March 4 2015 Latest news:
Thursday, February 27, 2014
Former RBS boss Stephen Hester launched a huge City fundraising today as part of his bid to revive More Than insurer RSA.
Mr Hester, who joined the company less than a month ago, revealed the extent of RSA’s current difficulties by announcing that operating profits for 2013 had slumped to £286million from £601m the previous year.
He scrapped the company’s dividend and asked shareholders to stump up £775m in a rights issue, equivalent to 20% of RSA’s market value, in order to repair the insurer’s balance sheet.
The company, which has operations in the UK, Scandinavia and Canada, has been hit by a series of profit warnings, an accounting scandal at its Irish subsidiary and a surge in flood claims following the wettest winter on record.
Mr Hester said: “RSA’s 2013 results are poor and we need to grasp the nettles of both underperformance and undercapitalisation.”
The recent weather has continued to hamper the company’s recovery plans, with flooding in the UK and Ireland and ice storms in Canada likely to result in a claims hit of between £75m and £100m.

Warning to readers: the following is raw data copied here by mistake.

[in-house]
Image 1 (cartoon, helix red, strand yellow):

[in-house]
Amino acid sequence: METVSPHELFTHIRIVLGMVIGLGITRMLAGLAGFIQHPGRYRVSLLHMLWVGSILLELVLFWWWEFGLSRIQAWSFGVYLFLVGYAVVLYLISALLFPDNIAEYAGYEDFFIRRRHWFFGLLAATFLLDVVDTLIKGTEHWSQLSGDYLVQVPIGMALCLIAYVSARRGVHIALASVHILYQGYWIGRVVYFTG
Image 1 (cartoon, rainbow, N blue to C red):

This is on top of the £41m incurred by its UK and Europe division in the final quarter of last year, including from the impact of the Xaver storm.
In the UK, RSA made an underwriting profit of £36m as a result of a good performance in its property and household books, offset by losses in personal motor insurance.
In Ireland, the underwriting loss was £220m, reflecting the need for reserves strengthening and the impact of the irregularities within the Irish claims and finance functions.
RSA recently sought to draw a line under its Irish scandal after an independent investigation found “inappropriate collaboration” among the division’s managers led to a £200m black hole.
Mr Hester is being paid an annual salary of £950,000, with the potential for long-term incentive scheme shares worth up to £2.9m this year on top of a potential annual bonus.
He received praise for leading the rescue of RBS but left the state-backed lender at the end of September after five years at the helm. It was thought his departure followed a series of rows with Chancellor George Osborne.